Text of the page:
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Our next destination was The National Portrait Gallery & Smithsonian American Art Museum. This museum, while being a Smithsonian, is not located on the Mall. It is instead downtown in the old Patents Office building. We explored the modern art section of the American Art gallery, as Kris enjoys the quirks & oddities of modern art, but spent the majority of our time in the Portrait Gallery. We find ourselves more interested in the people than the pictures themselves. In the Early Americans section we started a fun new “game”: We would walk into a room containing 8 to 12 portraits and go to the one we found ourselves most drawn to. As we have rather different personalities & tastes they were rarely the same painting. After reading about our subject we would rendezvous in the centre of the room to brief each other on our person’s contribution to American history. Double the learning in half the time!

A special exhibit was running that spotlighted the main contributors in the world of dance. Rooms were dedicated to ballerinas, choreographers, hollywood stars & starlets and the big names of Broadway. A video screen even played some of the most classic moments, such as Patrick Swazy in Dirty Dancing and Ginger Rodgers & Fred Astaire floating together magically. Another exhibit chronicalled the development of “cool” from jazz singers to the rebel without a cause actor James Dean to todays hit makers like Jay-Z.
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Our favorite section was the Hall of Presidents…and it was a collective favourite. Justine loved it too, not just the president-obsessed Kris. This is the only collection of official portraits (meaning they were actually sat for by the subjects) outside the White House. Beside each was a brief description of the President. Sometimes his early life. Sometimes how he was elected. SOmetimes the great things he did in office. SOmetimes the accomplishments he made after retiring from running the country. Justine has yet to figure out who is her favorite, although she is inspired to read up on each of them. Kris has known her favorite is Lincoln since she was about 9 years old.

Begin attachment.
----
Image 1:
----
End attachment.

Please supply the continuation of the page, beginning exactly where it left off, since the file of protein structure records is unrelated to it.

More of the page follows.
Justine had yet to see any of the Washington monuments so this evening Kris put her tour guide skills to the test and provided Justine with a walking tour of the Tidal Basin. She had went on an actual guided tour of the area last summer and Justine thought she did quite well recalling the historical stories. Only once was she caught on wikipedia checking her facts.

The tour started with Ford’s Theatre. It was here Abraham Lincoln was assassinated just days after the end of the Civil War in 1865. Next we passed the south front of the White House…where the Obama family actually lives. There’s no way to tell if the president is home, except for the number of snippers and we couldn’t see any from across the lawn. Interestingly the White House has no front or back door. There are two fronts, one facing north and one south. During the Civil War the direction of the front door would have shown preference to the Union or Confederates so they decided to remain ambiguous.